01/11/2013 02:42 pm ET

Melissa Harris-Perry Defends Her Clarence Thomas Comments (VIDEO)

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Melissa Harris-Perry defended herself against critics who railed against the MSNBC host for comments she made about Justice Clarence Thomas.

On Thursday, Harris-Perry appeared during MSNBC's dayside programming to discuss what many criticize as the lack of diversity in President Obama's cabinet. Harris-Perry said she too worried about the lack of diversity but cautioned critics that the debate is far more nuanced. She said:

I think we want to be careful, because no one wants to assume that any given physical body carries with it a set of political ideas, so for example, you know, Clarence Thomas sitting on the Supreme Court of the United States does not mean that Justice Thomas is representing, necessarily, the positions, the issues, even the Constitutional interpretation that is shared by the vast majority of civil rights organizations and by the vast majority of African-Americans.

Simply putting women in a space, for example, had Congresswoman Bachmann ended up as the president of the United States, she might not have been representative of women's issues in the broadest sense, because so many women are, in fact on the side of reproductive rights and justice. On the other hand, it also matters to have a diverse cabinet, to have a diverse set of opinions and ideas. My biggest concern is I worry that maybe the president has lessened his diversity, in part because he suspects it will cause less of a battle with the Senate process. But, I bet that it won't. These Republicans are so determined to stand in the way that it won't matter whether these are white men or black women. If they're coming from the president they're going to get resistance.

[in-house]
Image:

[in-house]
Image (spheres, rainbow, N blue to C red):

Harris-Perry tweeted on Friday, writing that she was unaware that many people took issue with her comments about Thomas. Over the course of several tweets, Harris-Perry wrote:

To be clear, I did *not* say Justice Clarence Thomas is not *really* black nor did I question the authenticity of his blackness in any way," she said. "In 1999 I wrote & published a book where I argued Thomas & other black conservatives are part of a long tradtion within black communities. For critics interested in something other than inaccurate soundbites, you could feel free to read the book. We regularly invite black conservatives to @MHPShow and we even hosted a panel of all black Republicans to discuss African Americans in GOP. What I *did* say is that sharing racial or gender identity with someone is *not* the same thing as sharing political interests. My criticisms of Thomas are not because he is inauthentic as a black man. That is silly. Who would even judge such a thing! I have a criticism of Justice Thomas on race policy.

Harris-Perry then pointed critics to her October 2012 comments about Thomas.

"If you prefer to ignore what I've actually said, written, or done...that is cool too. It's fun to watch the drama I inspire by speaking," she said.



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